Updated: Dec 26, 2019
4K ULTRA HD REVIEW
"WAR FOR THE PLANET OF THE APES"
4K Ultra HD, Blu-ray, Digital HD copy, 2017, PG-13 for sequences of sci-fi violence and action, thematic elements and some disturbing images; streaming via Amazon Video, Google Play, iTunes, YouTube
Best extra: "Waging War for the Planet of the Apes"
CRITICS loved it.
Moviegoers did, too. Ecstatic with its mature and stunning storytelling, they propelled "War for the Planet of the Apes" to a worldwide summer box office of nearly $500 million. But strangely, the most enthralling installment of the reboot trilogy under-performed its predecessor, "Dawn of the Planet of the Apes," which peaked at $700 million.
Co-writers Mark Bomback and director Matt Reeves, the team behind "Dawn," spent months contemplating their vision for "War" since its storyline was going squarely to the heart of Caesar, the apes' spiritual and strategic leader. "We wanted it to be bigger, more epic, more emotional," says Reeves during the "Making of" documentary on the enclosed Blu-ray.
Fox set up a screening room so they could view dozens of war films to see "what sparked," says Reeves. First up was Francis Ford Coppola's "Apocalypse Now," then Stanley Kubrick's "Paths of Glory," David Lean's "Bridge on the River Kwai" and John Sturges' "The Great Escape." They also watched "Spartacus," "Ben-Hur" and "The Ten Commandments," plus John Ford and Sergio Leone Westerns and Akira Kurosawa's Japanese adventures.
What resonated was the character-driven drama found within the violence of war, says Reeves.
Andy Serkis (Gollum in "Lord of the Rings") returns with another remarkable performance-capture as Caesar, wearing dozens of dots on his face with a GoPro-type head-mounted camera capturing every twitch, snarl and piercing gaze. "You see Caesar is ravaged at the beginning by the responsibility for holding them together as an ape society," Serkis says. "He's trying to hold on to the slimmest possibility that there could be a peaceful outcome. But in war, things are very desperate. They are now battling for survival."
A hardened battalion of humans from the north received a distress call from the colonists at the end of "Dawn," and they've come to eradicate the apes. They're led by an Army colonel played by Woody Harrelson with shades of Marlon Brando's Colonel Kurtz in "Apocalypse Now." Driven on a mythic journey to kill the Colonel, Caesar is pushed to a dark psychological place that echoes Clint Eastwood's characters in "The Outlaw Josey Wales" and "Unforgiven," Reeves says.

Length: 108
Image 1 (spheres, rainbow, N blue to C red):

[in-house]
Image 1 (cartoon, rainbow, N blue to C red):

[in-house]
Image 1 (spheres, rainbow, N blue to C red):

Steve Zahn provides an emotional and comic performance as a former zoo ape and scavenger who lives at an abandoned ski resort; Amiah Miller is Nova, a 9-year-old girl who contracted a virus that left her unable to speak; and Terry Notary is the bullying Rocket. Reeves calls Notary, who coached the other ape characters, a "Zen ape master."
The actors spent days perfecting their walk, run and trot as they navigated the rugged terrain of British Columbia and Alberta, Canada. "Don't think about -- be an Ape," says Michael Adamthwaite, who plays the ape Luca.
The six featurettes also highlight the massive sets created by production designer James Chinlund, from the rock cavern hidden behind a waterfall, to the frozen ice palace that was once a ski lodge and the five-acre Tower Rock prison. "All About Caesar" traces his life from his first word in "Rise of the Planet of the Apes" to the Moses-like leader in "War." "WETA: Pushing Boundaries" looks at the handiwork of the special effect kings as they create the digital mask for each ape character, and in "Music for Apes," composer Michael Giacchino discusses how he used Jerry Goldsmith's Oscar-nominated score for 1968's the "Planet of the Apes" as a blueprint.
Reeves' articulate and informative commentary track, featured on the 4K and Blu-ray provides a wealth of backstories and technical insights.
Reeves and company captured "War" on 6.5K digital cameras (2.40:1 aspect ratio), a more mobile camera than the huge 3D cameras used on "Dawn." The presentation is epic and sweeping, with a visual richness and depth best seen on 4K. But the time and cost limitations of digital rendering meant the huge digital files had to be down-converted and mastered and edited in 2K, a decision that robs home viewers of a grand motion-picture experience. Wake up, Hollywood, we deserve better.
The HDR toning, especially the contrast between the apes' dark fur and droplets of rain, is much more dynamic and striking. On the other hand, the color spectrum between the 4K and Blu-ray is very similar -- both deliver a realistic, earthy palette of greens, browns and blacks. Overall sharpness is just a slight uptick for the 4K, with edges, facial detail and distant scenery more evident on supersize set-ups.
If this adventure had been mastered in 4K, the difference in clarity would've been like night and day.
The 4K disc is coded with the encompassing Dolby Atmos soundtrack, with a more dynamic bass response, expansive height effects with rain, explosions, gunfire and the apes' screams and Giacchino's lively score – maybe his best. The Blu-ray's DTS-HD track won't disappoint, but falls flat compared to the Atmos track.
"War for the Planet of the Apes" caps an apocalyptic trilogy that is smart, thrilling and well worth adding to your movie collection.
― Bill Kelley III, High-def Watch producer